Listen intently to understand the basis of their perspective. Strive to understand the validity of their belief. Dig deep to see the meaning it all holds for them. Their perspective may differ from your perspective because it rests on a foundation of different experiences and slightly different values. It may hold a meaning for your spouse that you had not considered…nor would you ever consider. It is no less true, but obviously different. When you listen, understand, and appreciate your spouse’s point of view, you validate them even as you “agree to disagree.” You draw closer together as a couple. You come to know your spouse better and gain greater intimacy with your spouse. All because you took time to realize that sometimes a “shirt is more than a shirt.”
Of course, I used a somewhat silly example (although I have had to defend a shirt or two during my marriage, have you?). However, the same holds true when it comes to more significant opinions like politics or childrearing practices, the perfect place for vacation or the perfect place to live. In such cases, the stakes are much higher than the stakes inherent in a disagreement over my comfortable and faithful shirt, but the response is similar. You need to listen intently and understand deeply in order to move toward an appreciation of your spouse’s point of view. Only when you understand so well that you can repeat their rationale back to them and they reply by saying, “Yes! Now you understand!” can you begin to find a compromise, a mutual agreement in which both spouses can find satisfaction.
By the way, I gave up my shirt…over time. My wife allowed me a “grieving period” and bought me a new shirt very similar to the old one. I could wear both, one around the house and the other in public until I was ready to let go of my “faithful friend…oh, the sorrow.” But she listened. She understood. I listened. I understood. We grew together…and I got a new shirt out of the deal!
Parenting is full of surprises.
Sometimes the biggest surprises involve catching myself doing the absurd. For
instance, my daughters were having an argument upstairs. They kept getting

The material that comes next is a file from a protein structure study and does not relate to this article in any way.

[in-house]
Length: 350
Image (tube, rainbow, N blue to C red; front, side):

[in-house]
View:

louder and louder. Their comments became harsher and harsher. I could just
imagine balled fists and reddened faces. So, I walked to the bottom of the
stairs and yelled, “We don’t yell in this house.” Did I just do what
I think I did? Yes, I did. I yelled at them to stop yelling…and I did it with a
rather harsh tone. Surprise! I surprised myself and learned a lesson that day:
to discipline effectively, don’t yell across the room (or into another room).
Walk over to your children. Let them see your presence next to them. Get down
on their level and talk to them rather than yell across the room. You might
even touch them gently on the shoulder as you remind them of the expectations.
Your presence next to them speaks volumes more than your voice from across the
room. That wasn’t the last time I surprised myself though. There was the Battle
of the Red Jello, too.
We were enjoying a family dinner at a small restaurant. My daughter had eaten her chicken and her broccoli. She had even eaten two helpings of broccoli. We now prepared to order dessert. But my daughter still had a small square of jello on her plate. “Eat your jello.” “I don’t like red jello.” With that short exchange, the stand-off began. I cajoled, demanded, and even offered minor threats. Still, my daughter stood her ground. “I don’t like red jello.” After a short, but epic battle in which I sustained great damage to ego, a realization dawned. I’m arguing with a 7-year-old to eat her jello even though she has already eaten her chicken and two helpings of broccoli. Hmmm…surprise! Lesson learned: make sure the battle really is worth the fight. Make sure it really matches the priority your trying to teach. The Battle of the Red Jello just wasn’t worth the time and energy. Let it go.
One more surprise…I can only embarrass myself three times, so I’ll have to quit after this one. It all happened when I couldn’t find a piece of sheet music. I wanted to play it on the guitar and I knew I had the music somewhere, but I couldn’t find it. I remembered hearing my daughter playing it earlier, so I asked her where it was. “I don’t know.” Convenient, I thought as I began to scold her for being careless and losing things that don’t belong to her. “Why do you always take things? I wish you’d learn to put things back where you got them from!” “Hey Dad,” she politely interrupted. “Didn’t you have it in the kitchen at lunch?” Oh yeah…now I remember. I had put it on the table after showing it to my daughters. Oops. Surprised…and embarrassed. Another lesson learned: Don’t jump to conclusions. Don’t cast blame when you don’t know where blame lies. And, “never” use words like “always” or “never.” You might have to eat them sooner than you think. This incident taught me another lesson, too, and this one was hard to swallow. Sometimes I have to apologize, even to my children. “I’m sorry I accused you and yelled at you.” “It’s OK.” “Thank you for being understanding.” “Why wouldn’t I? You taught us that way.” What? Another surprise?! We taught our daughters to show grace and forgiveness. Forgot about that. Cool. I guess the surprises aren’t all bad after all.